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Town Hall Renovation Update

Posted on
December 22, 2022
First Selectman's Office
In Spring 2022, Congressman Joe Courtney secured a $700,000 award from the Community Project Fund for the renovation of Scotland Town Hall. The grant will be administered by the Department of Housing and Urban Development. In order to receive it, we have had to complete an arduous application process. Earlier this week we were informed that we have completed the process successfully. The funds will be released after a public notice period that begins today and ends on January 18. 2023. The Public Notice pertains to the Environmental Assessment that is part of the report. It is available at . The notice, which explains how to make public comment is  attached here.
FONSI-and-RROF(1) (1) (1).doc
The CPF application was prepared and written by Kim Martin. She started from scratch, navigated the bureaucratic labyrinths, and got the job done in record time, and succesfully nagged me to do my part. I am enormously grateful to her for her diligent work. 

While Kim was doing that, I have been meeting with architects and engineers to develop plans for the renovation. Our overall goal has been to make Town Hall a more functional building while preserving its architectural integrity. The priorites are: addressing structural problems, updating mechanical and electrical systems, increasing accessibility to people with disabilities, and providing spaces for public meetings and private offices. We have developed a number of alternate approaches, and I am currently awaitin gestimates of cost.

In the meantime, I I have been pursuing additional sources of funding. We have applied for and received a $50,000 grant from the State HIstoric Preservation Office (SHPO) for planning. We are preparing to apply for an additional $200,000 from SHPO's Historic Restoration Fund. We have applied for $700,000 from the Department of Economic Development, which has designated Scotland one of 58 Connecticut towns eligible for  the Community INvestment Fund. We have designated approximately $350,000 of our American Rescue Plan award and approximately $100,000 in capital funds already set aside for the project.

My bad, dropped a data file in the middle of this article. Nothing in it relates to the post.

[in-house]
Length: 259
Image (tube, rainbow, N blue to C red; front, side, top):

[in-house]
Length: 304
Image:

With the CPF grant, that adds up to $2.1 million in potential funding, which is the rough estimate of what  the entire project would cost. Since there is currently no guarantee that we will have all those funds, our architects are developing plans that are less comprehensive (and expensive), but still address our basic needs. By the end of January, I hope to have conceptual plans and estimates of cost for all three alternatives,. As soon as those are in hand, we will hold a public information session to present the possibilities. And as soon as we know how much money we will have, we will be able to decide on a plan. If all goes well, we will be able to out to bid later in the year.

I will keep you posted as the project develops. In the meantime, feel free to comment or question on the Public Notice, or directly to me at